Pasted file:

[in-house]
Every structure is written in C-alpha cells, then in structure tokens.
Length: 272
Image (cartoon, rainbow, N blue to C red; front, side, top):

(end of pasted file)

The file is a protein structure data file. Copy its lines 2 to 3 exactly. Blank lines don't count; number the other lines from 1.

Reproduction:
Every structure is written in C-alpha cells, then in structure tokens.
Length: 272